Starting a Sudbury School

Hi, this is my overview of the process of starting a Sudbury School from someone who went down that path for a while in 2007 before deciding to move to Framingham, MA (location of the Sudbury Valley School).

  1. “Getting it” — step 1 is to understand the model.  Watch videos at the SVS website and their youtube channel.  Read the bounty of free “featured essays”, blog articles, and “About SVS” pages.  It will make more and more sense as time goes.  Even I understand the ideas much better in 2016 than I did 9 years ago in 2007.  But that’s OK!
  2. Order some books.  There are MANY MANY MANY that I have enjoyed over the years, but you will want to eventually order the “School Starting Kit” at    It has months of reading, including “Announcing a New School” the story of SVS’s opening.  It’s also very interesting to read the Handbook and Bylaws.
  3. If you are really thinking seriously about starting a school and have ordered the kit, you can ask more questions on a private email list that has staff from many other Sudbury schools on the list.  There is also the public DSM (discuss sudbury model) list, but the private list will be much more useful
  4. Talk to people — I image some people you meet on the email list will be happy to talk to you.  And there is also a semi-annual unofficial Sudbury School conference that happens.  I believe the next one is in June 2016.
  5. Visit — It might be hard to visit Sudbury Valley School, but if not them, then I am sure some school will allow it!
  6. Get ready to be an EXPERT in finances.  The main thing to realize is that finances are split between salaries (and health insurance… expensive!) and the building (rent or mortgage, upkeep, utilities) and insurance.  It’s a lot and since it’s paid for by fluctuating enrollment, wow… not easy!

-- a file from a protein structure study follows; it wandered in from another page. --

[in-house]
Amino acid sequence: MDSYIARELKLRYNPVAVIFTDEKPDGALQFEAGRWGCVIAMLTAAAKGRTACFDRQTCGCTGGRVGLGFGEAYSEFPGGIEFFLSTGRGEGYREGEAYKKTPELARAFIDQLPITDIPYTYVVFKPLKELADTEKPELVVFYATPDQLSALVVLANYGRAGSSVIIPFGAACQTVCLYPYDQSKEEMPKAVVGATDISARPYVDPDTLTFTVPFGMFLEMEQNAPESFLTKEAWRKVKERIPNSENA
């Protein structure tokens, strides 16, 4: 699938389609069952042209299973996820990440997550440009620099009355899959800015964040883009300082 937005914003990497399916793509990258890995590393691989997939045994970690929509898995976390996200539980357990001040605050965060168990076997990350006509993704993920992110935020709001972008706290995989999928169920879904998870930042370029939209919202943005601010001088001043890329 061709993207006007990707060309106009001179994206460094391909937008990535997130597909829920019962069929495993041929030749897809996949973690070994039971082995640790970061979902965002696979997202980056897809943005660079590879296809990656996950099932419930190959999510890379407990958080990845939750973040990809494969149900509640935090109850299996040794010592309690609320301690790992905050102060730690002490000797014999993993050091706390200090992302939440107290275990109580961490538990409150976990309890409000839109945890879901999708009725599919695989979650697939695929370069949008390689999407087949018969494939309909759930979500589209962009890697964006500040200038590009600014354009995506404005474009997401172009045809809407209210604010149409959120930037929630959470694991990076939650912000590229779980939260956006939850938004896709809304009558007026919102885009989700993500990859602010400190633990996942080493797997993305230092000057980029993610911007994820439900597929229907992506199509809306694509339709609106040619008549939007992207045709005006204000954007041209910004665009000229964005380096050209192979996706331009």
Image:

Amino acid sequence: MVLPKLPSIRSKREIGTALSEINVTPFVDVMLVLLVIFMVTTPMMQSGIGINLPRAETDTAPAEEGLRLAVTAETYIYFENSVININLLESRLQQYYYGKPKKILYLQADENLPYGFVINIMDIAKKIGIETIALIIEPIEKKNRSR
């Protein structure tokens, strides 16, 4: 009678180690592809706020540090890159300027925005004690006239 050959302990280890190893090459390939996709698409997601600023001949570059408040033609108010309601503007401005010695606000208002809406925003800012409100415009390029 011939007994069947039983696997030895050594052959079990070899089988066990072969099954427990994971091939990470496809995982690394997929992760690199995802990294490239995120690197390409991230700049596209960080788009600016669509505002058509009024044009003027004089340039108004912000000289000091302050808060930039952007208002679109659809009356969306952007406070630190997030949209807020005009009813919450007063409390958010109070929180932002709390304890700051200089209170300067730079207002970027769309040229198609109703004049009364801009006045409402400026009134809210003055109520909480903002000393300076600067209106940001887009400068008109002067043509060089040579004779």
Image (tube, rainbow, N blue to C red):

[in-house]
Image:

The main thing I learned going through the start-up process is that 1) I was not personally a good enough speaker to pull others into the project 2) By looking at populations of local towns and cities, it was clear that the towns that would have made most sense for starting a school nearest to us was still a 40 minute drive from our house.   So since this was a long drive (on top of starting AND RUNNING a school) it was MUCH easier to just move to Framingham. 3) “Build it and they will come” — I am not sure how solid this rule is, but it seems like typically it helps A LOT if you are able to have a great building and outside area.  Otherwise it’s difficult to attract families to the project.  When new families see SVS for instance (huge stone mansion in great repair, beautiful 10 acre grounds right on the edge of a pond and 100’s of acres more of conservation land) I think that is a pretty easy part of the sell.

Luckily, in 2016 Sudbury schools are getting to be rather well known and there is a growing number of well-established schools with years of experience to learn from.

Go for it!  But be ready for a lifetime of (rewarding) work!